Mode Moderne: Occult Delight – Album Review
Mode Moderne: Occult Delight (Light Organ Records)
CD/ DL/ Vinyl
The invention and weirdo pop of Mode Moderne leaves Rob McNamara seduced and almost hypnotised by their new album, Occult Delight.
Occupying the space between The Cure’s goth peculiarities and The Smiths’ dandy Lancastrian tendencies is hardly a new trick. Thankfully, elusive Canadian band Mode Moderne have enough musical hooks and lyrical originality to stand alone rather than merely joining the pantheon of bands for whom imitation is the limit of their capabilities.
Lead man Phillip Intilé is demonstrative, vocally eclectic and endearing in his delivery; the guitar parts of Clint Lofkrantz are expertly designed; Sean Gilhooly dashes between subtle basslines and high-end lead parts. And then there is the vital Rebecca Gray, her keys colouring everything. It remains a fact that bands with a girl on keyboards are infinitely better than bands that do not.
What is incredible about their new record – Occult Delight – and the sound of the North American underground right now, is that it is distinctly European in texture. There is a spate of new bands making music similar to what toiled in the murky shadows of the late ’70s as the welfare state crumbled and neo-liberalism all but put an end to post-war hope of a better world. That, of course, was briefly interrupted by the heady optimism and misplaced energy and glam of Britpop culture, but if music reflects the times we live in, then our friends across the Atlantic are showing the way right now.
Maybe it’s to do with austerity and political alienation in the United States. Maybe it’s just an imagined community of bands with similar tastes in America’s vast landmass. Who knows? However, Merchandise from Florida sound as angry and disaffected as those who grew up as children of Thatcher and Wild Nothing from Virginia and Bedfellows from Brooklyn display synth-pop tendencies that are as fresh and innovative as the music that added a shade of colour to the greyness of the early ’80s.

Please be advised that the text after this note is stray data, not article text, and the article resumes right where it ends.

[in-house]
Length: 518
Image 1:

Mode Moderne occupy similar territory, marrying weirdo pop with the style of Britain’s ’50s Edwardian revival. Strangle the Shadows is nonchalant and evasive, its guitar lines and thrashed rhythm parts merging with a deliberately simplistic beat. It’s almost like like an informal introduction to the record and a feeling evolves that there is something more to be unleashed. What it is, you have no idea, but you’re seduced and almost hypnotised by the sound, which is at once strangely familiar yet mildly unsettling.
Baby Bunny has the jangle-pop of Marr and the sardonic wit of Morrissey while Thieving Baby’s Breath bridges the gap between Joy Division and The Killers – before they went all horribly Springsteen on us. She Untamed also owes a debt to Macclesfield and Salford while Come Sunrise has a touch of Ennio Morricone about it.
Unburden Yourself is defiantly brilliant – dark, yet gloriously poppy. It deserves to be the modern equivalent of The Cure’s Boys Don’t Cry, a song to usher those lonely souls to the indie dancefloor immediately on its dispatch by the DJ. “I don’t mind your indifference/ In fact I want a bit more physical distance,” is a line that has the potential launch a thousand bungling romances.
This album will speak to forlorn youth but will also reawaken the outsider in the older listener and repatriate them to their awkward teenage years – before revealing how gloriously underrated it all was. Mode Moderne aren’t a revival act, there influences are clear, but what is old becomes new when it lies dormant for so long. They’ve dug up a body of work and utilised it for their own means. The results are as fresh as you’ll find in guitar music.
All words by Rob McNamara – find more from him here